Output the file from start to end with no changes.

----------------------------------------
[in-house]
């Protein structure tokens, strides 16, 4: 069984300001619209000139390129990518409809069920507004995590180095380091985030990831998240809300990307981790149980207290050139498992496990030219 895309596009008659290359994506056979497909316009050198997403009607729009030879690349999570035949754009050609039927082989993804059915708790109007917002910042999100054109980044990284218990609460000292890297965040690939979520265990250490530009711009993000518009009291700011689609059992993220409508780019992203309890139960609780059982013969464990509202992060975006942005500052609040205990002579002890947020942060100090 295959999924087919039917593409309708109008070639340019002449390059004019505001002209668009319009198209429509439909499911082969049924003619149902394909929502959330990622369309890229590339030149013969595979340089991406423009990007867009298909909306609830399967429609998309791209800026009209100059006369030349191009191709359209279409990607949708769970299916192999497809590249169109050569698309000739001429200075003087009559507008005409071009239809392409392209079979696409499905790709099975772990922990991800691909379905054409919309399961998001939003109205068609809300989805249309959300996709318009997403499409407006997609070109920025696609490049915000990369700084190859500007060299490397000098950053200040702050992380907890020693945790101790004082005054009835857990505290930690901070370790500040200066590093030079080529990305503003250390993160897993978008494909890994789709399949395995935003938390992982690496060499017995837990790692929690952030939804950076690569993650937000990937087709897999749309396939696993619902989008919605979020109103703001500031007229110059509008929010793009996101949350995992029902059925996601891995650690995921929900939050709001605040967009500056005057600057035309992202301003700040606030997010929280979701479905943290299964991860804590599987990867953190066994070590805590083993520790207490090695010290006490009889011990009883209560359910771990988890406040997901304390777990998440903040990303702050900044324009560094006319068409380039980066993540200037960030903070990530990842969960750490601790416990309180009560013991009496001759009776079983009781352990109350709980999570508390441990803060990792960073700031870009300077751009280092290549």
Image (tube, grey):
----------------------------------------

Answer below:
[in-house]
């Protein structure tokens, strides 16, 4: 069984300001619209000139390129990518409809069920507004995590180095380091985030990831998240809300990307981790149980207290050139498992496990030219 895309596009008659290359994506056979497909316009050198997403009607729009030879690349999570035949754009050609039927082989993804059915708790109007917002910042999100054109980044990284218990609460000292890297965040690939979520265990250490530009711009993000518009009291700011689609059992993220409508780019992203309890139960609780059982013969464990509202992060975006942005500052609040205990002579002890947020942060100090 295959999924087919039917593409309708109008070639340019002449390059004019505001002209668009319009198209429509439909499911082969049924003619149902394909929502959330990622369309890229590339030149013969595979340089991406423009990007867009298909909306609830399967429609998309791209800026009209100059006369030349191009191709359209279409990607949708769970299916192999497809590249169109050569698309000739001429200075003087009559507008005409071009239809392409392209079979696409499905790709099975772990922990991800691909379905054409919309399961998001939003109205068609809300989805249309959300996709318009997403499409407006997609070109920025696609490049915000990369700084190859500007060299490397000098950053200040702050992380907890020693945790101790004082005054009835857990505290930690901070370790500040200066590093030079080529990305503003250390993160897993978008494909890994789709399949395995935003938390992982690496060499017995837990790692929690952030939804950076690569993650937000990937087709897999749309396939696993619902989008919605979020109103703001500031007229110059509008929010793009996101949350995992029902059925996601891995650690995921929900939050709001605040967009500056005057600057035309992202301003700040606030997010929280979701479905943290299964991860804590599987990867953190066994070590805590083993520790207490090695010290006490009889011990009883209560359910771990988890406040997901304390777990998440903040990303702050900044324009560094006319068409380039980066993540200037960030903070990530990842969960750490601790416990309180009560013991009496001759009776079983009781352990109350709980999570508390441990803060990792960073700031870009300077751009280092290549």
Image (tube, grey):